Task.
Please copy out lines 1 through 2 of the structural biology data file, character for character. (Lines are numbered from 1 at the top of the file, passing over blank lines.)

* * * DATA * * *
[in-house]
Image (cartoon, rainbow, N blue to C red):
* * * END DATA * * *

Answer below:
[in-house]
Image (cartoon, rainbow, N blue to C red):